A novel set in a decaying town in southern West Virginia, Potted Meat follows a young boy into adolescence as he struggles with abusive parents, poverty, alcohol addiction, and racial tensions. Using fragments as a narrative mode to highlight the terror of ellipses, Potted Meat explores the fear, power, and vulnerability of storytelling. “Steven Dunn’s Potted Meat is full of wonder and silence and beauty and strangeness and ugliness and sadness and truth and hope…. This book needs to be read” (LAIRD HUNT). “An extraordinary book. Here is an emerging voice that calls us to attention…. Like a visceral intervention across the surface of language, simultaneously cutting to its depths, to change the world” (SELAH SATERSTROM).
Co-winner, 2017 Tarpaulin Sky Press Book Award
Paperback, 140 pp. Pub date: April 2018
PRE-ORDER (ships March 2018)
$14 includes shipping in the US
Equal parts séance, polemic, and love letter, Piper J. Daniels’ Ladies Lazarus examines evangelical upbringing, sexual trauma, queer identity, and mental illness with a raw intensity that moves between venom and grace.
Fueled by wanderlust, Daniels travels the country, unearthing the voices of forgotten women. Girls and ghosts speak freely, murdered women serve as mentors, and those who’ve languished in unmarked graves convert their names to psalms. At every turn, Daniels invites the reader to engage, not in the soothing narrative of healing, but in the literal and metaphorical dynamism of death and resurrection.
“Piper J. Daniels is going to rip the essay world apart. She’s the kind of writer who buries herself, lives among the dead, then comes to life again to levitate in the stormy air. Ladies Lazarus is the best debut I’ve read in a long time. Daniels has resurrected the personal essay and what it is and what it can do” (Jenny Boully); “An extremely intelligent, impressively understated, and achingly powerful work” (David Shields); “A siren song from planet woman, a love letter from the body, a resistance narrative against the dark” (Lidia Yuknavitch).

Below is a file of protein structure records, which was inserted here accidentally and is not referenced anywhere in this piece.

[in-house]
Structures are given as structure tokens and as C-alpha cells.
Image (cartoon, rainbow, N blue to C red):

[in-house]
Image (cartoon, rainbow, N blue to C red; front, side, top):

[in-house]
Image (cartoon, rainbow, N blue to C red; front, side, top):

In the mood for a blistering novel about race, poverty, and trauma in West Virginia — complete with ninjas and Bob Ross? We got that. Read Steven Dunn’s Potted Meat. You want a book-length essay that could make you orgasm in a library? Try Elizabeth Hall’s I Have Devoted My Life to the Clitoris. Are you craving bizarro fictions about weapons testing and sheep that can herd themselves into watercolors? Look no further than Dana Green’s Sometimes the Air in the Room Goes Missing. Want to get ALL CAPS RIOT with #LGBQT#NYC#POET whose least abstraction is brought to “brilliant, jagged life,” according to no less an authority than John Ashbery? Well then, allow us to steal away your brain to Amy King’s Missing Museum. Or perhaps you’re ready to eat a few mushrooms in your sacred space while waiting on the mothership and contemplating the weepy, goopy, bloody state of feminine being and trans-being? You’ll find no better companion on your trip than Kim Parko’s novel, The Grotesque Child. Buy all five titles above for $60 and save 25% off the cover prices — and get free shipping. (Yeah. You won’t beat that anywhere. But feel free to pay more at Amazon while supporting the Great Satan.) Read more about the authors and books, below, or just click the purchase button and get on with the joy.